Towson Joins Cierpiot In Leadership Race
May 20, 2015

AP) – Missouri state Rep. Caleb Rowden announced Wednesday that he’d run for majority leader against the current second-in-command Rep. Mike Cierpiot, previewing what could be a competitive race after the former speaker’s resignation last week led to a shuffle in Republican leadership.

Rep. Todd Richardson of Poplar Bluff left the position open upon his election as House speaker, replacing John Diehl of Town and Country, who resigned Friday from the House’s top office after admitting to exchanging sexually suggestive text messages with a Capitol intern.

Rowden was the first to publicly announce a bid to replace Richardson. Cierpiot told The Associated Press on Wednesday that he’s running as well.

House Speaker Pro Tem Denny Hoskins said he has no plans to run for majority leader, a position that determines if, when and how long House members debate bills. It’s considered a stepping stone to speaker.

Tilley loads Up House Education Committee, Cierpoit from Lee’s Sumitt Appointed
January 6, 2012

From the Post Dispatch via johncombest:

Missouri House Speaker Steve Tilley has quietly packed the committee that will write this year’s legislation on K-12 schools with lawmakers who are friendly or open to his agenda of shaking up public education.
This week, Tilley added eight legislators to the House Elementary and Secondary Education Committee, boosting its roster by a third. His additions include legislators who have sponsored measures that would eliminate the state constitutional ban on giving public money to religious schools and authorize tax credits to pay for tuition at private schools.
Teacher and school administrator groups said Tilley bypassed legislators who are former public school educators and who have resisted his proposals, including bills to abolish tenure and base teacher pay on student progress.
“It looks like the committee got increased to move a certain agenda,” said Otto Fajen, who lobbies for the Missouri National Education Association.
Tilley, R-Perryville, said he expanded the committee to include legislators with “a broader base” of experience. “This is going to be a big year for education,” he said. “I’m trying to find a group of people who will find a consensus.”
Education promises to take center stage because of the convergence of several factors. First, the state has been underfunding its school aid formula, which has distorted the way legislators intended for the money to flow and could shift millions of dollars next year among the state’s more than 500 school districts.
Second, children in unaccredited urban districts have the legal right to attend suburban schools at the home district’s expense, but that law is tied up in court. Urban schools say they would go bankrupt if a flood of students transferred out; suburban districts fear overcrowding.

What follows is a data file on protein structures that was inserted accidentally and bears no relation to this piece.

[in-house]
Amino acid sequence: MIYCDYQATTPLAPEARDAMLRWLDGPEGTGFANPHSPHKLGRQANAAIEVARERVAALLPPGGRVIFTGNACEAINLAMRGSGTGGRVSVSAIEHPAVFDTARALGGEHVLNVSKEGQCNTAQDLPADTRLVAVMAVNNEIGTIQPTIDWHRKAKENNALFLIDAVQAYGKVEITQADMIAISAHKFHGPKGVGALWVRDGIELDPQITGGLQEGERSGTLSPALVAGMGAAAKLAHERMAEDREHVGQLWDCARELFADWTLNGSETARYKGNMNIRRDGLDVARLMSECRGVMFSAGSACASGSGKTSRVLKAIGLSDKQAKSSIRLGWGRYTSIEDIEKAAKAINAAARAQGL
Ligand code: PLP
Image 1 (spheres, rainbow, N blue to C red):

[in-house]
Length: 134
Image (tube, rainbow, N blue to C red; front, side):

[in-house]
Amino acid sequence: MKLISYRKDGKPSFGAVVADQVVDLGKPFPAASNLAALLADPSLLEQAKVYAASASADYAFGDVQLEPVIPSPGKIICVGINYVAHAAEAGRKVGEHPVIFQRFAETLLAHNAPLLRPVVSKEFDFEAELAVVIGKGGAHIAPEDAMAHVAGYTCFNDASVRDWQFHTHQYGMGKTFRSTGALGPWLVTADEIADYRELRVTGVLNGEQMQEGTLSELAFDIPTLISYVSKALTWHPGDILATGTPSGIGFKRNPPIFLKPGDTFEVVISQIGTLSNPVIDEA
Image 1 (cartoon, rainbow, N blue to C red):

Last year, a bill giving suburban districts control over transfers died when it was linked to school choice initiatives, such as giving county districts authority to operate charter schools in St. Louis.
Education committee Chairman Scott Dieckhaus, R-Washington, said Thursday that Tilley “was just trying to diversify the committee, because we had a bunch of former educators, people on school boards, administrators, whatever. The committee’s more diverse now.”
The new members include some legislators who have worked on school choice issues. For example:
• Rep. Dwight Scharnhorst, R-St. Louis County, has long championed legislation establishing tuition tax credits to pay for autistic children to attend private schools.
• Rep. Jay Barnes, R-Jefferson City, last year proposed repealing the constitutional ban on using state money to support religious schools.
• Rep. Doug Funderburk, R-St. Peters, last year sponsored a bill allowing home-schooled students to participate in public high school sports.
Another new committee member, Rep. Kurt Bahr, R-St. Charles, was home-schooled from the fourth grade on. He and his wife home-school the couple’s four children.
Bahr said Thursday that he had no preconceived education agenda, but “I’m for finding other options” for children in failing urban districts.
The other new Republican members are: Rep. Mike Leara, R-St. Louis County, and Rep. Mike Cierpiot, R-Lee’s Summit. One Republican legislator, Rep. Lindell Shumake, R-Hannibal, left the committee.
Since committee membership is proportionate to the total House membership in partisan makeup, Democrats got to add two members. The Democrats chose Rep. Ira Anders, D-Independence, and Rep. Chris Carter, D-St. Louis.